A fast-forward tour through new, production-ready features when upgrading from Java 11 to Java 17.

Photo by Anders Jilden, https://unsplash.com/photos/-N2UXcPBIYI

Three years after Java 11 (the last long term support version so far), Java 17 LTS will be released in September 2021. Time to take a quick tour through the new features that developers can enjoy after upgrading from 11 to 17. Note that many more improvements have been made under the hood - this article focuses on those features that can be directly used by most developers.

Feature JEP
Switch Expressions 361
Text Blocks 378
Packaging Tool 392
Pattern Matching for instanceof 394
Records 395
Sealed Classes 409

Switch Expressions

Switch can now return a value, just like an expression:

// assign the group of the given planet to a variable
String group = switch (planet) {
  case MERCURY, VENUS, EARTH, MARS -> "inner planet";
  case JUPITER, SATURN, URANUS, NEPTUNE -> "outer planet";

If the right-hand side of a single case requires more code, it can be written inside a block, and the value returned using yield:

// print the group of the given planet, and some more info,
// and assign the group of the given planet to a variable
String group = switch (planet) {
  case EARTH, MARS -> {
    System.out.println("inner planet");
    System.out.println("made up mostly of rock");
    yield "inner";
  case JUPITER, SATURN -> {
    System.out.println("outer planet");
    System.out.println("ball of gas");
    yield "outer";

Compared to a traditional switch, the new switch expression

  • uses “->” instead of “:”
  • allows multiple constants per case
  • does not have fall-through semantics (i.e., doesn’t require breaks)
  • makes variables defined inside a case branch local to this branch

Moreover, the compiler guarantees switch exhaustiveness in that exactly one of the cases gets executed, meaning that either

  • all possible values are listed as cases (as with the above enum consisting of eight planets), or
  • a “default” branch has to be provided

Switching with the new arrow labels does not require returning a value:

// print the group of the given planet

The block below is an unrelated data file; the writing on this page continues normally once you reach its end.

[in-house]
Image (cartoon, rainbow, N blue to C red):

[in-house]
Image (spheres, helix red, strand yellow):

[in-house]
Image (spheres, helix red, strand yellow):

// without returning anything
switch (planet) {
  case EARTH, MARS -> System.out.println("inner planet");
  case JUPITER, SATURN -> System.out.println("outer planet");

However, note that for this switch statement (as opposed to a switch expression that returns a value), the compiler does not guarantee exhaustiveness.

Text Blocks

Text blocks allow writing multi-line strings that contain double quotes, without having to use \n or \" escape sequences:

String block = """
  Multi-line text
   with indentation
    and "double quotes"!

A text block is opened by three double quotes """ followed by a line break, and closed by three double quotes.

The Java compiler applies a smart algorithm to strip leading white space from the resulting string such that

  • the indentation that is relevant only for better readability of the Java source code is removed
  • the indentation relevant to the string itself remains untouched

In the above example, the resulting string looks as follows, where each . marks a white space:


Imagine a vertical bar that spans the text block’s height, moving from left to right and deleting white spaces until it touches the first non-whitespace character. The closing text block delimiter also counts, so moving it two positions to the left

String block = """
  Multi-line text
   with indentation
    and "double quotes"!

results in the following string:


In addition, trailing white space is removed from every line, which can be prevented by using the new escape sequence \s.

Line breaks inside text blocks can be escaped:

String block = """
    No \
    line \
    breaks \
    at \
    all \

results in the following string, without any line breaks:


Alternatively, the final line break can also be removed by appending the closing delimiter directly to the string’s end:

String block = """
    No final line break
    at the end of this string, please""";

Inserting variables into a text block can be done as usual with the static method String::format, or with the new instance method String::formatted, which is a little shorter to write: